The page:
information? If I get so focused on someone's necklace that I don't
notice the beautiful color of her eyes, I am doing a disservice to
her. Then if I make a hallucination about this woman based on the
necklace I could land on the Island of Conclusion and spend a lot of
time trying to get off!
What happens if you move your attention to
listening to the sound of the birds while you are interacting with a
person? Does it drive your attention in a different way? Does it
inform your behavior in a way that is more creative? Does it make a
difference? If your attention is in a certain representational
system, with certain submodalities, what happens if you change just
one aspect? You can change something very small, or very big. For
example, here I am communicating with somebody, and I become... a
woman from Honduras. Does it make a difference?
Have you read the story of 'The Phantom
Tollbooth'? The part that I liked is about the race of people who,
when they are born, float around at the height that they are going to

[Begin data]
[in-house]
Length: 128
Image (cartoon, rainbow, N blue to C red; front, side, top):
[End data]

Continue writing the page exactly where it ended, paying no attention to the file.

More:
be when they are fully grown. They then grow down to the ground. And
that is so that they never have to change their perspective.
If we use characterological adjectives again,
we can apply the idea of attention to discover how it might be
driving the relational loop. For example, while in the interaction, I
can notice where my attention is fixed, i.e. on a voice tone, a
gesture, a facial expression, an internal sensation. I may discover
how fixing my attention on some small aspect of the interaction is
driving my state to a value judgment that may make the interaction
uncreative, difficult or problematic. The idea is to discover where I
fix my attention, to move it to some other aspect of the interaction
and, of course, to notice if the quality of the interaction changes
in a positive direction.
This is another way of looking at the system;
sometimes I want to chunk it down into small pieces, and sometimes I
want to look at the big picture. Along that continuum of possibility
there are places where I can begin to influence the system in a
positive direction, with the least amount of effort for myself and
the other person.
My mother used to say to me, "Judy, if you
walk through life with a hammer in your hand, you're going to see a
lot of nails." She was teaching me about filters. If you sort the
world in a certain way, that is what you are going to see, and if you
always do what you've always done, you'll always get what you've
always got. Did you ever play 'Slug Bug?' The family would go out
driving and the game was for the first person who saw a Volkswagen to
shout "Slug bug". Of course, as soon as you put on the filter to sort